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Our first step in Everyday Advocacy is to learn. The learning we do helps us clarify and frame our issue, identify decision-makers and potential collaborators, and build a foundation for our later preparations and actions as Everyday Advocates. Our learning doesn’t end when we begin to plan and take action; rather, we constantly explore new information about our issues in order to refine and adapt our plans and actions.  

Click the headers below to learn more!

> 1. Find Your Issue

One way to find your issue is to think about these questions:

  • What do you most wish others understood about literacy?  About literacy pedagogy?  Why do you think they don’t understand it?

  • What gets in the way of teaching literacy in the ways you want to teach?  What supports successful ways of teaching literacy?

  • What have your students shown you about literacy and literacy learning that you wish others understood?

  • If you could recreate how literacy is taught in your school, what would you focus on?

  • Who are you as a teacher?  What are your values?  How did you come to believe in those values?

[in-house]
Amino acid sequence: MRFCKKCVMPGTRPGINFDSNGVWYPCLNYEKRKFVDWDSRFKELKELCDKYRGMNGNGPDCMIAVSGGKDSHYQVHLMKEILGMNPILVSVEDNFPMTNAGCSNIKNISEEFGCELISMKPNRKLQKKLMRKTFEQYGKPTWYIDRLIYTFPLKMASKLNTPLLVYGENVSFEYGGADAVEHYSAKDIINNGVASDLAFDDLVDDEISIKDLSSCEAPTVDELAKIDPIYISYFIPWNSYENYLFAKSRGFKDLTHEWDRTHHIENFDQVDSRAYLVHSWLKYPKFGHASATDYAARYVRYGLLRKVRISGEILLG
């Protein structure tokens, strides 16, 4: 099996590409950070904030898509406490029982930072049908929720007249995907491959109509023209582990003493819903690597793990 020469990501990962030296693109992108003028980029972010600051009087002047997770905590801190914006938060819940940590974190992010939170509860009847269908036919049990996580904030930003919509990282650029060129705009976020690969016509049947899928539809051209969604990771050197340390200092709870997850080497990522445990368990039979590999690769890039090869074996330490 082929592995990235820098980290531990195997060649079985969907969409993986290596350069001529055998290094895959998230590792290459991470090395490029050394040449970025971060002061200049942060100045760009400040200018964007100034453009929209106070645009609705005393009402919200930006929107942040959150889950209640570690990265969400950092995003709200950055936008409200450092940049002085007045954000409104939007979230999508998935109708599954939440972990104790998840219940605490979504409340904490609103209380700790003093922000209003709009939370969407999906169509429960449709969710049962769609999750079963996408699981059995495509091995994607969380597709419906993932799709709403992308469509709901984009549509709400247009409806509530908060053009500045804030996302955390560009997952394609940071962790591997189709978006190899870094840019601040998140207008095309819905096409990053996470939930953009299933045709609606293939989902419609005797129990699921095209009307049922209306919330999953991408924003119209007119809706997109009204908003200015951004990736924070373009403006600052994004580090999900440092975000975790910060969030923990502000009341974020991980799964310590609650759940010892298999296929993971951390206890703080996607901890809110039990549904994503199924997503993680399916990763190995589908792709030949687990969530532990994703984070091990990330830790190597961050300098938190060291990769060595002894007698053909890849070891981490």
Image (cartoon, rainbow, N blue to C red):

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Try it out: What’s your issue?

> 2. Listen, Learn, and Observe

Most issues that we care enough to advocate for are complicated.  There are lots of other folks doing important work on them already, so it is well worth the time to figure out who is involved in issues we care about, what they are saying and doing, and how our own priorities fit into that picture.  


Imagine that you walk into a coffee shop and encounter a group of your friends clustered tightly around a table, heads together, speaking passionately about a topic. If you choose to join the group, your first move will probably be to either listen in or ask, “What’s going on?”  Before jumping into the conversation yourself, you’d likely want to know more about the topic, the different stances people are taking, and what has already been said.  Knowing these things will help you decide whether or not you want to join the conversation and how you want to position yourself.  The same principle applies to Everyday Advocacy. It helps to recognize that the advocacy conversation we hope to enter has been in progress long before we arrived, in some form or another. 


So how do we listen, learn, and observe?  Here are some guiding questions:  

  • What is the overall topic that you care about? What are some of the conversations going on with this issue?   

  • Who are the people involved in this conversation?  What do they believe and have to say about this topic?  Be sure to pay attention to people who represent different perspectives on the issue, since all of you will be involved in the greater “conversation.”

  • How does your growing knowledge and experience shape your understanding of this topic?  

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Try it out: Whom might you engage in conversation on your topic?

> Click here for an example